Image of Stella M. Papa, M.D.

A COVID-19 vaccination should be recommended to people with Parkinson’s disease — with caution reserved for very frail residents of long-term care settings, according to a new commentary published in the Journal of Parkinson’s Disease.

Patients and their physicians have expressed concern about vaccine efficacy and safety in people with Parkinson’s, especially in the context of Parkinson’s treatment. Following a research review and considering data from vaccinations to date, an international panel of neurologists has concluded that the overall risks of contracting COVID-19 for people with Parkinson’s far outweigh the potential risks of vaccination, at least in cases of advanced disease, wrote lead author Stella M. Papa, M.D., of Emory University School of Medicine, Atlanta.

But the jury is still out on the risks to the frail elderly with Parkinson’s due to lack of data, Papa and colleagues wrote. A “cautious approach” may be best in this population while more evidence is gathered, and it is important to openly discuss possible risks with patients and families prior to vaccination, they contend. Limited life expectancy also should be considered in these cases, they added.

Additional conclusions:

  • The approved mRNA-based vaccines and viral vector vaccines under development are not known or expected to interact with the Parkinson’s neurodegenerative process.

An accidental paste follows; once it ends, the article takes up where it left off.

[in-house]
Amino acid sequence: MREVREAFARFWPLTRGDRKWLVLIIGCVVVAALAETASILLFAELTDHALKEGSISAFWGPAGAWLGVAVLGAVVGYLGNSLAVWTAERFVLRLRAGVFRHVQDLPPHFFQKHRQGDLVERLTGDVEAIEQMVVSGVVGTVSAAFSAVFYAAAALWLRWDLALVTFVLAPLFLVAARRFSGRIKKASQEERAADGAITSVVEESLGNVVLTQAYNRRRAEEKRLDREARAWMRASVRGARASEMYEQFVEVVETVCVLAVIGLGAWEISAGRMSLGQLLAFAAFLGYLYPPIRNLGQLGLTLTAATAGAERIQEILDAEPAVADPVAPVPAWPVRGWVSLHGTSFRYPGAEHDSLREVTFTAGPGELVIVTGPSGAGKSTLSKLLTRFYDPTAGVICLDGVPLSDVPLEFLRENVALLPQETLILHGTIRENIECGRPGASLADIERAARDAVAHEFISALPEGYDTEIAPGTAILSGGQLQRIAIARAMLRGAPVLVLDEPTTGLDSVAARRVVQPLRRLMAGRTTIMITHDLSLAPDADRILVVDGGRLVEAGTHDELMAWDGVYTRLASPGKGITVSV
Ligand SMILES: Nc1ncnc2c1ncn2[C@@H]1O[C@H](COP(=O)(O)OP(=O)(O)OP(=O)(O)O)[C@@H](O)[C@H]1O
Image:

• The types or incidence of side effects of these vaccines in people with Parkinson’s seem no different than those in the general population.
  • The vaccines also seem safe for older adults, but caution is needed for very frail and terminally ill elderly people living in long-term care facilities.
  • COVID-19 vaccination is not known to interfere with the current therapies of Parkinson’s.
  • Vaccinated persons with Parkinson’s must continue to comply with the public health guidelines to reduce exposure and transmission of COVID-19.

The authors encouraged clinicians to periodically refer to the website of the International Parkinson and Movement Disorder Society for updated recommendations as new data are published.